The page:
I am reading a book titled Singing family of the Cumberlands by folk singer and song collector, Jean Ritchie. I've not read a lot of it, but have thoroughly enjoyed what I have read. It is very down-home and country.
Today I read how members of her large family (14 children) would learn, or "catch," a new song.
This old time terminology caused me to ponder the plight of oral tradition.
Oral tradition is the passing own of songs from one generation to the next through repetition, repetition, repetition. In so doing a song survives and is allowed to breathe anew as it is passed along.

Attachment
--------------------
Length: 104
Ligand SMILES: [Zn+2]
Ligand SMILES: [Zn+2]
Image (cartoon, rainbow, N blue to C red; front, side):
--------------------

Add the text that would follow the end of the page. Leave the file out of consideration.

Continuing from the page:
Most of us were taught songs as a children through oral tradition. Think about how you learned "Jesus Loves Me" or "Twinkle, Twinkle Little Star." No one put the sheet music in front of you, pointed to the notes and said, "now, honey learn this song."
What is becoming of oral tradition?
With the advent of radio and recorded song many have said oral tradition will die out.
Will it? Or has it already died out?
I don't think it has nor do I think it will. There will always be occasion to teach someone a song.
Music will last forever.
I believe that as long as there is singing oral tradition will survive.
(To be continued...)